Getting the most out of enterprise analytics systems is not easy. A lot can go wrong on the way from gathering business requirements to getting actionable insights. While most of my posts are focused on the analysis or reporting capabilities of Adobe Analytics, this post is focused on how I plan and build my implementations.
With an analytics system like Adobe Analytics, even small implementation choices can have large consequences later down the value chain. Errors and misjudgments can lead to skewed data that is affected in a non-obvious way. The implications range from more effort during analysis or higher maintenance to wrong conclusions and business decisions.
This post will walk you trough the number of steps I take when planing a new Adobe Analytics implementation. While I’ve been successful in delivering value by following those, there might be situations where a different approach is better suited to the task at hand. If you feel unsure if the way you do things is optimal, consider reaching out to an external expert to avoid costly mistakes that will hold back your analytics maturity. Enough introduction, let’s go!
Steps towards the perfect implementation
Over the years I’ve mixed insights and experiences from industry experts with my own views. Today I try to follow a sequence of steps whenever I’m starting to work on a new implementation or join a new project. Depending on the project phase and requirements, some of those steps might be skipped or have already happend. But even with existing implementations, it’s a good exercise to go back to previous steps and check if you are still in line with your business.
The earlier steps in this eight-step-list mostly consist of exploration and asking questions to the business while the later ones are more technical and closer to the day job of an analyst.
Step 1: Explore and understand your business and your customers
We start this list off with what might be your first weeks or months in a new company or a new team. On a surface level, you are trying to understand both your business and your customers as best as you can. Even if you’ve already worked on a project for a while it isn’t a bad idea to go back to the roots and try to connect with your business sponsors.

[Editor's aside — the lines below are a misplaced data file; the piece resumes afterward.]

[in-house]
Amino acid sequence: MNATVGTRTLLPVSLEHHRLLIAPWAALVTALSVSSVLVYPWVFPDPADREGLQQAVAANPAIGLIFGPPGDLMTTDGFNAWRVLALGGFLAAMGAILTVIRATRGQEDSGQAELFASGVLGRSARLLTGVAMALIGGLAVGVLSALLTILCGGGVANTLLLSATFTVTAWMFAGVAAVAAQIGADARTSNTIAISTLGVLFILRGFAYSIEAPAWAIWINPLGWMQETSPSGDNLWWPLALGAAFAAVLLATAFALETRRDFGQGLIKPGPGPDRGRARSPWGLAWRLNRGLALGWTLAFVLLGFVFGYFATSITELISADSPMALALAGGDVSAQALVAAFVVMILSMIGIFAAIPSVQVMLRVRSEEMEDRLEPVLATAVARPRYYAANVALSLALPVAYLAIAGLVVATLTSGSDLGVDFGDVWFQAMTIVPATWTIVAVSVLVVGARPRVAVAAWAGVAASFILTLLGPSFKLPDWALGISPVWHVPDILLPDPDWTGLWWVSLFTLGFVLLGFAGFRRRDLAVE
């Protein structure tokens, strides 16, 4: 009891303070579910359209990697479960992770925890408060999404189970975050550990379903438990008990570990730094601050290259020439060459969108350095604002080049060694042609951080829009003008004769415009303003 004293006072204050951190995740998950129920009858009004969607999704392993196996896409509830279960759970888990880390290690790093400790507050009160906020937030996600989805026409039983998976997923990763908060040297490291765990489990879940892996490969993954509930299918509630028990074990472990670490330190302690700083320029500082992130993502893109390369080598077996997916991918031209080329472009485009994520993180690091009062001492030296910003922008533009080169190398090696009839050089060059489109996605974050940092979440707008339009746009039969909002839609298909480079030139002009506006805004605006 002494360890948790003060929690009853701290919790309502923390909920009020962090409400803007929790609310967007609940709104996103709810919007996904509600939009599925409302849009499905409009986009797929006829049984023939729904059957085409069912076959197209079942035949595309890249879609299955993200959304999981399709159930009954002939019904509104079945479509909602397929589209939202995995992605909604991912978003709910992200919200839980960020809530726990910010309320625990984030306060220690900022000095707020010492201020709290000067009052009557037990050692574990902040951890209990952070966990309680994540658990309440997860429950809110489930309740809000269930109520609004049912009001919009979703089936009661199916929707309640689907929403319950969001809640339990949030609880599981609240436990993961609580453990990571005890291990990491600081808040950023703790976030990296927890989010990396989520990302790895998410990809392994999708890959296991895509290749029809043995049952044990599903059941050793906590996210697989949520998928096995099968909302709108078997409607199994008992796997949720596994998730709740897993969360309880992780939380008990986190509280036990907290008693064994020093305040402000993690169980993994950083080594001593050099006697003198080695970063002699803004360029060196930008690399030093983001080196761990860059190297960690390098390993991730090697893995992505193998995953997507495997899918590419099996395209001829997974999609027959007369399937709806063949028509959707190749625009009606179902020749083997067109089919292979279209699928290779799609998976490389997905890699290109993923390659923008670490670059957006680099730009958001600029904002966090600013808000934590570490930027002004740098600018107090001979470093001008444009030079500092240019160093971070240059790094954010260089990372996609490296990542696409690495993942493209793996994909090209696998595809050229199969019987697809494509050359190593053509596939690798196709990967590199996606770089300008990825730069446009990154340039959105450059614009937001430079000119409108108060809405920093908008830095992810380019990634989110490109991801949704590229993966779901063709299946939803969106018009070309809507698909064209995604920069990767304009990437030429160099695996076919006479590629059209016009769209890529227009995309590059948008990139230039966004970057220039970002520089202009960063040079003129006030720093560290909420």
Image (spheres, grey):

Ideally, you would start planing your implementation by asking some questions on the grand scale of your business. Start with the big topics: How is your business providing value today and what is the strategy for the next years? How does the market look like? Who are the competitors? What sets your company apart from them?
While answering those questions, you should also start thinking about your business’s existing or potential users or customers. Who are they? In which ways is your company providing value to them on an individual level? What does it take for a prospect to become a customer? How could you tell if a customer is satisfied by just observing them?
Next, start asking yourself which concrete business initiatives you can already see today and what will come in the next years. Which touchpoints are relevant today and what is their purpose? How do online and offline play together? Are they evolving or set in stone? How are they aligned with your overall strategy and your customers needs?
Step 2: Define Success, set and translate KPIs
The next step in creating your perfect implementation is to look at the definition of “success” for both your business as a whole and your individual business activities. Depending on your industry those can vary drastically on an operative level (like user reach for media companies or goods sold for retailers) but tend to get more similar on a larger scale, like overall growth or profitability.
It’s a long way from those high level company-wide KPIs down to what an analyst has to deal with on a daily basis, but doing this exercise is crucial in keeping your analytics aligned and relevant to the business. Many data driven businesses utilize a KPI tree to visualize and communicate success factors and challenges. Ideally, every business activity should contribute to one or more KPI on that large scale tree.
Your job as the digital analyst in charge is to map those KPIs to user behavior on the platforms you are going to track. This step is of utmost importance, and something that digital analytics as an industry has in common with social sciences. We have to remind ourselves that it is impossible for us to really know if a user is “engaged” or “frustrated”. The only thing we have is clues derived from their activity on our properties, like how many users purchased or came back within a week. All we can do is observe their behavior and draw conclusions when comparing it to our business KPIs. Sure, you would like your users to be happy, but you also want them to buy. So what would your business prefer, unhappy buyers or happy non-buyers? Whatever the outcome is, it has serious implications for what we need to prioritize in our tracking concept.